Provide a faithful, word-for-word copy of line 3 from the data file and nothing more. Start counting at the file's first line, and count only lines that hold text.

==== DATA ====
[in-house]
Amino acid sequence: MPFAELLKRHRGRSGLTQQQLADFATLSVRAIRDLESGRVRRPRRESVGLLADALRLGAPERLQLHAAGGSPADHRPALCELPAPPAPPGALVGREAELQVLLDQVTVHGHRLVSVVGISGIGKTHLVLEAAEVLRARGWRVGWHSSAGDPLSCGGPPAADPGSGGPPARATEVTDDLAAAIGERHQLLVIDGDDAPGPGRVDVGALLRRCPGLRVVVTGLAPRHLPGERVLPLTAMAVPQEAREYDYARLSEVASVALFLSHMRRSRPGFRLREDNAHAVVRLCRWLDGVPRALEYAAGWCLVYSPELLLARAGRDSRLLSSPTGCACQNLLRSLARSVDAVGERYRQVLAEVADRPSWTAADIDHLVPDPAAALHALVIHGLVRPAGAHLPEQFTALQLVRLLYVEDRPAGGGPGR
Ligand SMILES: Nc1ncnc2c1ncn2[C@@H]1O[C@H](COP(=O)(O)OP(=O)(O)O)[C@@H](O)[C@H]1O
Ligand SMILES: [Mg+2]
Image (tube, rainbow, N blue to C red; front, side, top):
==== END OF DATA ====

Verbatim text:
Ligand SMILES: Nc1ncnc2c1ncn2[C@@H]1O[C@H](COP(=O)(O)OP(=O)(O)O)[C@@H](O)[C@H]1O